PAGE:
In the early 17th century, Count Johann XVI von Oldenburg needed good calvalry horses, so he built several small breeding facilities all throughout the German provinces of Oldenburg and East Friesland. At these facilities, Count Oldeburg bred Friesians, Andalusians, Turkish horses, Danish horses, and Neapolitan(Italian) horses.
|Oldenburgs commonly come in black. credit|
By June of 1820, the Oldenburg's studbook opened, and with it a law that stated all Oldenburg stallions had to be approved by government after completing a test before breeding. After passing it, the Oldenburg brand---an "O" with a crown above---would be branded on the horse's left hip, proving that he had been approved. Two breed asssociations were founded in 1897, but in 1923 they merged to form the Verband der Z des Oldenburger Pferdes(Oldenburg's Horse Breeders' Society) in Vechta, Germany. chter
In 1950, with the use of horses in agriculture nearly obselete, additional Thoroughbred blood was added to the Oldenburg, and the original cavalry, carriage, and agriculture Oldenburg gave way to the sport horse we know today.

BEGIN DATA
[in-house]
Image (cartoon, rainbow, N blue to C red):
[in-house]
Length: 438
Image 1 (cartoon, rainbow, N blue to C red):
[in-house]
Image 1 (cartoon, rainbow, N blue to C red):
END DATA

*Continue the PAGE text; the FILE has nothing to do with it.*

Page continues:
Breed Description and Uses
The Oldenburg is a compact, yet refined and elegant horse that stands an average of 16 to 16.2 hands high. As a warmblood, it is built for competing, and it's long front legs and powerful hind legs prove it's talent for dressage and show jumping. Most, and the gaits are of high quality, with the trot been active and elastic and the canter being uphill. The Oldenburg's long neck is high-set over the shoulders and it's head is usually quite pretty. Common colors are bay, black, grey, and chestnut.
According the breed association's rules, and Oldenburg must be named according to its parent's names. For example, a colt's name must begin with the same letter as its sire, and a filly's the same as its dam.